Pyramidal peak -
is a pointed mountain peak with at least three sides. it's formed when three or more back to back glaciers erode a mountain.
Glacial troughs -
are steep-sided valleys with flat bottoms. They start off as a V-shaped river valley but change to a U--shape as the glacier erodes the sides and bottom making it deeper and wider. e.g. Nant Ffrancon
is a narrow, steep-sided ridge formed when two glaciers flow in parallel valleys. The glaciers erode the sides of they valleys. The glaciers erode the sides of the valleys, which sharpens the ridge between them giving it a jagged profile. e.g. Lake District.
Tourism in Glacial Landscapes -
Social Impacts -
2)Shops that used to sell goods for local people now sell gifs for tourists.
3)Holiday homes are usually not occupied all tear round, lead to some services not being limited e.g. reduced bus services.
1)Increased traffic problems, congestion is common and not enough car parking.
Environmental Impacts -
3)Water sports create noise pollution, waves created by the bots can erode the shoreline.
4)Tourists may park on grass verges causing damage to vegetation.
5)Wildlife and livestock can be disturbed by walkers and their dogs.
1)Footpath erosion , vegetation destroyed and soil washed away.
Economic Impacts -
2)Offers employment to local people. Jobs are seasonal and low paid.
3)Extremely high house process due to the demand for holiday and second homes meaning locals are forced out of the area.
1) Positive economic impact on glacial landscapes on main industry.
4)Price of goods and services is often higher as tourists will pay more.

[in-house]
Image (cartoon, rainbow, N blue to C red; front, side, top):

2)Managing traffic congestion: Increase public transport - improve the road network - encourage use of bikes, buses.
3)Protecting wildlife and farmland: Use signs to take their litter home - encourage visitors to enjoy the countryside responsibly by closing gates and keeping dogs on leads.
1)Managing footpath erosion: resurface paths with hard-wearing materials - Encourage visitors to use alterative routes - Reseed vegetation.
Glacial Erosion -
Plucking - occurs when meltwater at the base, back or sides of a glacier freezes onto the rock. As the glacier moves forward it pulls pieces of rock out.
Abrasion - Where bits of rock stuck in the ice grind against the rock below the glacier wearing it away(like the glacier has sandpaper on the bottom of it)
Tourism in Glacial Landscapes - Examples
The Lake District is a National Park in Cumbria, which gets 16.4 visitors every year. The attractions for visitors include : beautiful scenery, cultural attritions e.g. Beatrix Potter's House, activities.
Tourism impacts -
Economic Impacts -
1)Employed over 16000 people in 2014 and visitors spent £1 billion.
2)Average price of £350000 but the average local household income is only £27000.
Social Impacts -
2) Businesses in the village of Ambleside mostly cater for tourists. This makes costs high and locals travel to Kendal to buy food and cloths.
3)16% of homes in the national park are second or holiday homes, meaning fewer people living in the National park all year round, so bus services are limited and some schools are closed.
1)Traffic is heavy as 89% of visitors arrive by car.
Environmental Impacts -
2)Noise, erosion and pollution of water with fuel is caused by boats and water sports on Lake Windermere.
1) Tourists often park on the grass verges in the popular Langdale valley, which damages the vegetation.
Management Strategies -
2)High property prices - 134 affordable homes were built - 141 houses that only locals can buy.
3)Erosion of footpaths - Severely eroded paths have been covered with soil and reseeded, main routes have been gravelled.
1)Reduce car traffic use by only allowing people to use the car park for an hour and pay as you go bikes.
4)Coping with Water sports - Zoning schemes so only some water sports are only allowed in certain areas of some lakes e.g. Windermere has a 10 knot speed limit for all boats which falls to 6 knots in some zones.